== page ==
Motion was preserved in the treated spinal segments (mean range of motion 7.8°) for up to 24 months postsurgery. The relative contribution of each segment to overall spinal sagittal rotation differed depending on whether the disc was placed at C5–6 or C6–7. Overall cervical motion (C2–7) was moderately increased on late follow-up evaluations.
The Bryan artificial cervical disc provided in vivo functional spinal motion at the treated level. Overall cervical spinal motion was not significantly altered. Sagittal rotation did not change significantly at any level after surgery.
Michael D. Staudt, Holger Joswig, Gwynedd E. Pickett, Keith W. MacDougall and Andrew G. Parrent
The prevalence of trigeminal neuralgia (TN) in patients with multiple sclerosis (MS-TN) is higher than in the general population (idiopathic TN [ITN]). Glycerol rhizotomy (GR) is a percutaneous lesioning surgery commonly performed for the treatment of medically refractory TN. While treatment for acute pain relief is excellent, long-term pain relief is poorer. The object of this study was to assess the efficacy of percutaneous retrogasserian GR for the treatment of MS-TN versus ITN.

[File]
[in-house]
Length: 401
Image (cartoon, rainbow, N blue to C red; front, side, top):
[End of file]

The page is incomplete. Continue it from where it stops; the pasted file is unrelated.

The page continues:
A retrospective chart review was performed, identifying 219 patients who had undergone 401 GR procedures from 1983 to 2018 at a single academic institution. All patients were diagnosed with medically refractory MS-TN (182 procedures) or ITN (219 procedures). The primary outcome measures of interest were immediate pain relief and time to pain recurrence following initial and repeat GR procedures. Secondary outcomes included medication usage and presence of periprocedural hypesthesia.